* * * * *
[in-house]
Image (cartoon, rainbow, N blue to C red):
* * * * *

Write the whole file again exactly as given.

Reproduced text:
[in-house]
Image (cartoon, rainbow, N blue to C red):